Postby Highlander » Sun Sep 24, 2017 2:02 pm

WSPanic wrote:MO is tricky. Western MO seems more like the Plains - the Eastern parts are more like the South.


Missouri is at a crossroads and I think it's even more complex than that.

St Louis is definitely a traditional midwestern city more similar to Ciincinnati or Chicago than to KC. St Louis has never been southern. The large liberal german population in the city in the 1860's probably did more to keep Missouri out of the south in the civil war than anything else.

While KC has an old pre-auto midwestern-ish industrial center with the requisite density, I think it's a more westward leaning city today probably more similar to Denver and Dallas than to St Louis.

The Ozarks and boothill could be considered southern and the attitudes in those areas can be just as backwards as rule Alabama. That southern legacy does extend elsewhere into some of the rural areas of the state north of the Missouri River that were settled by southerners. While Missouri does have this legacy, it doesn't really pervade into the urban areas (with maybe the exception of Springfield) like it does in the true south.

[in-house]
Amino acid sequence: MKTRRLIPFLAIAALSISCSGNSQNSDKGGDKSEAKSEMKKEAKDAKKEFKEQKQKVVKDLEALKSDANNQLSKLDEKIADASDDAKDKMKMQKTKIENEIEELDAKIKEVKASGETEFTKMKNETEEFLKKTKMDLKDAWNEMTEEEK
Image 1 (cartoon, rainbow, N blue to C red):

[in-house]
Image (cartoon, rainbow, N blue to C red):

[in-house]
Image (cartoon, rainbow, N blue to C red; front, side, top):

Like most states, the bigger division in Missouri, however, is more rural/urban. That's true for the US in general. There's a difference between rural people of Pennsylvania and rural people of Missouri but I suspect the rural people of Pennsylvania are more like the rural people of Missouri than they are like the urban people of Pennsylvania when it comes to lifestyle and values.

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Re: Is the term midwest to broad?

Postby warwickland » Tue Sep 26, 2017 10:38 am

WSPanic wrote:I always considered ND, SD, NE, KS and OK as the Great Plains or Plain States - not the Midwest.

MO is tricky. Western MO seems more like the Plains - the Eastern parts are more like the South.


have you traveled the missouri river valley east of kc to jeff city? or like, any of western missouri outside of kc? jesse james/border wars/confederate cemetary (confederate flags)? I-70 across 80% of missouri is like driving through tennessee, but with much more boring scenery. you definitely get more of a plains feel west of columbia but hell, i get a plains feel driving to indianapolis or peoria or chicago - which brings me back to my orginal posts on the topic.